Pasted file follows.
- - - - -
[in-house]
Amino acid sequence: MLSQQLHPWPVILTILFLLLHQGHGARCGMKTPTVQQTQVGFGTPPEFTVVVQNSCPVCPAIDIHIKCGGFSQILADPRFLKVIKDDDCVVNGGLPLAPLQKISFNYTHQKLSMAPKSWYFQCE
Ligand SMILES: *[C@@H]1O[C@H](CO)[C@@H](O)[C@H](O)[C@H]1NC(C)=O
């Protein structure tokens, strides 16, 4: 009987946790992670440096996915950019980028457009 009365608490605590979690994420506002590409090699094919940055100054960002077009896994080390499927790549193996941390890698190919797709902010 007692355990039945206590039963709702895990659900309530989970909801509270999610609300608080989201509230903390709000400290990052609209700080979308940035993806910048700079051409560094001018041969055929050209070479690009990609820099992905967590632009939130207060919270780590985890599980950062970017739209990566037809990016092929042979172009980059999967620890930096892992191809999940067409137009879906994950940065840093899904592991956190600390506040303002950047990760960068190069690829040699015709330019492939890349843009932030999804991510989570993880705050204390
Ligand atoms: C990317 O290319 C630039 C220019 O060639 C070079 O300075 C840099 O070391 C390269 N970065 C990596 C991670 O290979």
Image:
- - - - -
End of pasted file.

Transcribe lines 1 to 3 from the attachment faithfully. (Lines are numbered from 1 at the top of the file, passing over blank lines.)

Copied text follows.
[in-house]
Amino acid sequence: MLSQQLHPWPVILTILFLLLHQGHGARCGMKTPTVQQTQVGFGTPPEFTVVVQNSCPVCPAIDIHIKCGGFSQILADPRFLKVIKDDDCVVNGGLPLAPLQKISFNYTHQKLSMAPKSWYFQCE
Ligand SMILES: *[C@@H]1O[C@H](CO)[C@@H](O)[C@H](O)[C@H]1NC(C)=O